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Dark-eyed Junco -Junco hyemalis



 Kingdom: Animalia
 Phylum: Chordata
 Class: Aves
 Order: Passeriformes
 Family: Passerellidae
 Genus: Junco 
ICUN Redlist - World Status: Least ConcernLeast Concern


Dark-eyed JuncoThe dark-eyed junco is 5-6½ inches in length with a wingspan of 9¼ inches. It is dark gray on its uppersides and breast and has a white belly and outer tail. Females are a little browner than the males, and they are slightly smaller.


MapThe dark-eyed junco breeds from Alaska east to Labrador and Newfoundland and south to California, Arizona, and Texas in the western United States and south through southern New England in the eastern United States. It also breeds along the Great Lakes and in the Appalachian Mountains south to Georgia. It winters south to Mexico and Florida.


The dark-eyed junco is found in the openings and edges of coniferous and mixed wood forests with dense ground cover. It tends to avoid forest interiors. In the winter, it is found in fields, along roadsides, in parks, and in gardens.



The dark-eyed junco hops on the ground in search of seeds and insects. During the breeding season, they prefer insects. In winter and during migration, they can be found at bird feeders.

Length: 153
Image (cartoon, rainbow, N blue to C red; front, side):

Life Cycle

Dark-eyed Junco The male dark-eyed junco reaches the breeding grounds first. He sings from the top of a tall tree to claim and defend his territory. The male dark-eyed junco courts a female by spreading his tail and strutting around her while chirping and singing.

Dark-eyed JuncoThe female builds an open-cup nest of twigs, weeds, and grass. The male helps by bringing nesting materials. The nest is usually on the ground in an area hidden a fallen log, grass, weeds, or tree roots. The nest is made of bark, twigs, rootlets, and moss and lined with grass and hair. Occasionally, the nest is built close to the ground in a tree or shrub. The female dark-eyed junco lays 3-5 pale greenish-blue eggs splotched with brown. Incubation takes about 12-13 days and is usually done by the female. The male protects the female while she is incubating the eggs. Both parents feed and care for the chicks. The chicks fledge when they are about 9-13 days old, but their parents continue to feed and care for them for another three weeks.


The dark-eyed junco usually winters in the same place every year. They travel in small flocks of 10-25 birds. Not all dark-eyed juncos migrate, some stay in the same location year-round.

Audio Credit: xeno-canto.org Andrew Spencer cc logo